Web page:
The Olympic Mixed-Use Apartment Development - Former Olympic Swim Club
August 18, 2014 4:44 pm at 4:44 pm #1035333
Developers seeking rezoning for the project.August 20, 2014 6:42 pm at 6:42 pm #1035787
Personally, I think it’s a good idea to redevelop the area. More middle range apartments are what Clintonville needs. Though, the facade of that particular development looks garish and out-of-touch with what I believe long time Clintonville residents will respond positively too.
As a long time Clintonville resident myself. One thing I’ve noticed is how sharply rentals have spiked in the last 3-5 years. There are many that will echo this sentiment: another reason people such as myself have stayed in Clintonville for so long is that it’s a nice neighborhood that is also affordable.
Some of us are willing to deal with older kitchens and bathrooms in exchange for quiet nights, lots of windows and mature trees. “Nice” and “improvement” are relative terms in this case.August 31, 2014 12:31 pm at 12:31 pm #1037862
More “Clintonville-ing” – the Olympic proposal has been reduced in density from 152 to 138 units, in height by 2 feet, and the setback from Indianola increased to a 20 foot minimum from the curb.August 31, 2014 1:59 pm at 1:59 pm #1037865
I don’t have a problem with this. These seem pretty marginal changes in what will still be an important development for the community.August 31, 2014 6:35 pm at 6:35 pm #1037888
Hopefully the 20 additional feet allows for larger outdoor patio spaces and not just end-to-end grass and flowers along Indianola.August 31, 2014 6:50 pm at 6:50 pm #1037890
[quote=1037862]More “Clintonville-ing” – the Olympic proposal has been reduced in density from 152 to 138 units, in height by 2 feet, and the setback from Indianola increased to a 20 foot minimum from the curb.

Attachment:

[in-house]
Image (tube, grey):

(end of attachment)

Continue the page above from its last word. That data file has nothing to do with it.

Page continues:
All in all, those changes don’t sound too bad.September 1, 2014 3:53 pm at 3:53 pm #1037999
All in all, those changes don’t sound too bad.
True, so far. Lets hope it’s enough of an appeasement for the project to move forward.September 2, 2014 10:26 am at 10:26 am #1038114
End of An Era: Clintonville’s Olympic Swim Club Closes For Good
September 2, 2014
by Sam Hendren
89.7 NPR News Reporter
Yesterday’s Labor Day holiday marked the unofficial end of summer. It also marked the end of an era in Clintonville. For 76 years neighbors have cooled off at the Olympic Swim Club. But now it’s closed for good. And generations of Clintonville residents are saddened by the shutdown.
READ MORE: http://wosu.org/2012/news/2014/09/02/end-era-clintonvilles-olympic-pool-closes-good/September 2, 2014 11:58 am at 11:58 am #1038150
I am pretty new to Clintonville, and its history of protesting development. My main question is where is this energy coming from? With the “Save the Pool” protests its very difficult to really tell who is driving this campaign. With comments turned off on the Facebook page and not allowed on the Clintonville community webpage that has been created for the movement, it is very hard for me to tell if this is a widespread movement or just a few people whipping up a frenzy.